So it turns out that some of the most dramatic and challenging events in the transition of leadership happened at Everett’s first resort, Boyne Mountain itself, set in motion when Everett was still alive. Tell the story of how Boyne Mountain was brought into the 21st century.
People don’t realize this, but Boyne Mountain lost money for 23 straight years, from 1980 to 2003, about 1.5 million dollars a year, near as I can estimate. And part of the problem is it had an unprofitable business model. The mountain catered to the expert skier, but that advanced skier becomes a very small percentage of skiers who end up hanging out in the Midwest, because people who are good skiers go West, especially groups of guys who we really catered to back in the 70s. Catering to the extreme skier, we couldn’t also cater well to the family skier, the way that, say, Crystal Mountain did such a great job with. In the mid-90s we reconfigured the experience for the family and beginner skier—made it much easier and more comfortable to get started—and that was a very important step, but it still wasn’t enough.
So back about 1998 we had a family meeting. We discussed closing Boyne Mountain or turning it into a day area only. We decided to move forward and begin to redevelop the bed base and reinvent the resort. We had recently solved one of the critical issues holding the resort back by linking the resort to Boyne City’s sewage treatment facility. Dad realized, however, that to really turn the corner Boyne Mountain needed a first-class resort hotel. He pounded the table with his cane and said, “We need to build this hotel before I die.” At the time, we were in the middle of the two largest construction projects in the company’s history—the Inn at Bay Harbor and Bay Harbor Golf Club, and we had a $56 million hotel going up at Big Sky Resort—both of which I had oversight responsibility for. And we had just acquired Cypress Mountain in Vancouver. Dad hauled me into his office and, paraphrasing here, said, “You haven’t been doing anything, just been screwing off, and we need a hotel at Boyne Mountain. Make it happen.” And I’m thinking, holy crap, we’ve got Bay Harbor and Big Sky—pretty time- and capital-consuming endeavors—not to mention keeping the operation going at eight resort locations and managing all that growth. But Dad says he wants the hotel done before he dies. He obviously doesn’t know when he’s going to die, but he knows he won’t live forever and he’s in his 80s. So we moved forward with the design and sales effort to make his dream come true.
How involved was Everett in the specifics of the Mountain Grand Hotel?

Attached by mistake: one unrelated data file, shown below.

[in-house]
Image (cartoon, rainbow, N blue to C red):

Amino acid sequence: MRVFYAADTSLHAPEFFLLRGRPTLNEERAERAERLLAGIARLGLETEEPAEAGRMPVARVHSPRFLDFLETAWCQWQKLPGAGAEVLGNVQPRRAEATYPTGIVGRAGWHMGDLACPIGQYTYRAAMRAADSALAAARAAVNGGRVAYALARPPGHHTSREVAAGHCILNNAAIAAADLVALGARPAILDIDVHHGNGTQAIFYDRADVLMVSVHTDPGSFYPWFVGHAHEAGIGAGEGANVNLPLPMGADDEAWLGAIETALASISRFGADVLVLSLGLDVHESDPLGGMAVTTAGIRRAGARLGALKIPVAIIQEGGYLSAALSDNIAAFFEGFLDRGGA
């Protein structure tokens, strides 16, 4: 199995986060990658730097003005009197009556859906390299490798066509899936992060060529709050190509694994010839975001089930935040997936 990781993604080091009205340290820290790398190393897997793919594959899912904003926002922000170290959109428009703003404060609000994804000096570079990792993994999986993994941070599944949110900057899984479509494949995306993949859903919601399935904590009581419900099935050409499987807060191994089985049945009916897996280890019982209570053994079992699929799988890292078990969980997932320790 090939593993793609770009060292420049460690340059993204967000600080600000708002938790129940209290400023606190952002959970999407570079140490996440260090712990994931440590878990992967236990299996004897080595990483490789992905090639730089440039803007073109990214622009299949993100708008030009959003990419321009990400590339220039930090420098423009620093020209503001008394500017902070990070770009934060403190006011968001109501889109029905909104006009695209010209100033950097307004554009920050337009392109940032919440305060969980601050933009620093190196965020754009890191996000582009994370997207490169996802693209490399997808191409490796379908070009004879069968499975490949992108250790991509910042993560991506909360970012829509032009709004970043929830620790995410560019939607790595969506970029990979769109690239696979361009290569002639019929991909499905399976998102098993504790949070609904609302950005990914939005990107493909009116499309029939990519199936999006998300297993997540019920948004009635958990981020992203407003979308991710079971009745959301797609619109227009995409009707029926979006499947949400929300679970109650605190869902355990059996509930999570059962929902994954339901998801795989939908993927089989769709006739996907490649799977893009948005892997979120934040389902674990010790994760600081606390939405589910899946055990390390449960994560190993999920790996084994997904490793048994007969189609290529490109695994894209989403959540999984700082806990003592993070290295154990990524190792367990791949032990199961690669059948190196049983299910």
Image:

One day I remember there was a pile of sand where the lobby of the Mountain Grand Hotel is today, and he drove his 20-year-old S10 Blazer up on top of it and said, “This is the elevation I want the floor to be. I want to see the clock tower, and I want to see the mountain from this angle and the windows need to be this big.” He’s explaining his vision, and he’s going to make this happen. And he’s gonna write a check to the company for $5 million to make it happen. And we’re gonna do this.
It’s probably tough to talk about, but how did the project stall?
About late 2000 we met with the bank, and Dad said, “I want this started.” And they said, “We will get it financed.” They shake Dad’s hand. So, I think we burned through Dad’s $5 million by January of 2001, and we are committed to like $7 million of steel, and the bank still hasn’t gotten the financing done yet. But they haven’t told us they can’t, either. But then in April 2001, the bank tells us they can’t get it done. We had just had two bad winters back to back, and our numbers are looking bad, especially in the Midwest. So not only do we have less cash, we have bad numbers, which means we can’t do the underwriting to support it. And even though we had two-thirds of it pre-sold [condo hotel rooms] and had 25 percent down, we still couldn’t get it over the hump.
Well, we shut the project down in July 2001 and by then we had about 80 percent of the steel frame up. And then 9/11 happened. And then Dad passes in January 2002. And for two winters, people would drive in and look at that big metal rusting steel frame of a hotel. And what had begun as a symbol of the renaissance of Boyne Mountain and a symbol of the future became a big eyesore and a symbol of what was rumored to be the bankruptcy and end of Boyne.
Would you call it a fight for survival?
As a company we were not near bankruptcy, but we were certainly weakened and wounded. I guess I’d say it was a step away from a fight for survival. We were faced with decisions like do we sell off assets, do we bring in equity investors?
So where did the solution for the Mountain come from?
One of our best real-estate salespeople ran into a guy from Gerry Forsythe’s company. [Forsythe is best known as an owner of race car teams and invests in steam generation projects. His company also owns Garland Resort in Lewiston.] The Forsythe Group was very interested in the waterpark movement, so our salesperson said, “You really ought to talk to Steve Kircher because there might be an opportunity there.” And Forsythe did see this as an opportunity. We cut a deal to have them become partners in the hotel project and waterpark. They helped back a Wells Fargo construction loan, and that restarted construction in spring of 2003. It opened in 2005.
Meanwhile, too, other things had been happening. I mentioned we reconfigured the resort to be more family friendly. Also, other condos had been built here. The Village at Disciples Ridge and the Bluegreen condos. And so when the hotel opened, we had grown our bed base from 700 beds in 1998 to over 2,500 beds after 2005. And we had a lot more families committed to the resort because they owned condos here. So, back to the big picture, we took a resort that had been losing $1.5 million a year for 23 years to one that is now very profitable.
It’s really a poster child for how you can go from a broken business model to something that is viable. You can reinvent yourself when you really look fundamentally at how you are approaching things. And we did all of that when Michigan was in a 12-year recession, was losing population, and annual GDP was going down. Snow trumps economy every time if you get the rest of it right.